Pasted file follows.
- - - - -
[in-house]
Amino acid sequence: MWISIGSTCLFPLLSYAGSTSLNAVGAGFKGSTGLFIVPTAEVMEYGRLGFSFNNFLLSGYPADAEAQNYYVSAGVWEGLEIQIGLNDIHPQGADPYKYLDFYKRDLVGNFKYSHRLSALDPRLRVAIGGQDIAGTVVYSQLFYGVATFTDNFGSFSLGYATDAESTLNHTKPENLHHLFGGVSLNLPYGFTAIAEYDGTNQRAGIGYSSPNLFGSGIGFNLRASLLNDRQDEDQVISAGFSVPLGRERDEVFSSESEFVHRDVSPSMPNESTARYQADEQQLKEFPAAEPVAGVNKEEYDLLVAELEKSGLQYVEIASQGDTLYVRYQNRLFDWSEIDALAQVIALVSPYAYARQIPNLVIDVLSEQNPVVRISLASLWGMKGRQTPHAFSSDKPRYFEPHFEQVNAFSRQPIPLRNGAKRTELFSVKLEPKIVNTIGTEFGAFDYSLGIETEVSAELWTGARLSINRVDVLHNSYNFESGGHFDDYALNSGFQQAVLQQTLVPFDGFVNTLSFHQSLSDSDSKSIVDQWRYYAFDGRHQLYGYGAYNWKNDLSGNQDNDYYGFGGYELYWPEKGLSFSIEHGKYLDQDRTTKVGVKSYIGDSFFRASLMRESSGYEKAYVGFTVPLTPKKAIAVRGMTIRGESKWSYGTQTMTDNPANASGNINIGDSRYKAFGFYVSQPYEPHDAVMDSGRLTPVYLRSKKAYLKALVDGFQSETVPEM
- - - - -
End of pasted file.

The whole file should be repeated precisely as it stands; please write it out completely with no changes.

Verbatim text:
[in-house]
Amino acid sequence: MWISIGSTCLFPLLSYAGSTSLNAVGAGFKGSTGLFIVPTAEVMEYGRLGFSFNNFLLSGYPADAEAQNYYVSAGVWEGLEIQIGLNDIHPQGADPYKYLDFYKRDLVGNFKYSHRLSALDPRLRVAIGGQDIAGTVVYSQLFYGVATFTDNFGSFSLGYATDAESTLNHTKPENLHHLFGGVSLNLPYGFTAIAEYDGTNQRAGIGYSSPNLFGSGIGFNLRASLLNDRQDEDQVISAGFSVPLGRERDEVFSSESEFVHRDVSPSMPNESTARYQADEQQLKEFPAAEPVAGVNKEEYDLLVAELEKSGLQYVEIASQGDTLYVRYQNRLFDWSEIDALAQVIALVSPYAYARQIPNLVIDVLSEQNPVVRISLASLWGMKGRQTPHAFSSDKPRYFEPHFEQVNAFSRQPIPLRNGAKRTELFSVKLEPKIVNTIGTEFGAFDYSLGIETEVSAELWTGARLSINRVDVLHNSYNFESGGHFDDYALNSGFQQAVLQQTLVPFDGFVNTLSFHQSLSDSDSKSIVDQWRYYAFDGRHQLYGYGAYNWKNDLSGNQDNDYYGFGGYELYWPEKGLSFSIEHGKYLDQDRTTKVGVKSYIGDSFFRASLMRESSGYEKAYVGFTVPLTPKKAIAVRGMTIRGESKWSYGTQTMTDNPANASGNINIGDSRYKAFGFYVSQPYEPHDAVMDSGRLTPVYLRSKKAYLKALVDGFQSETVPEM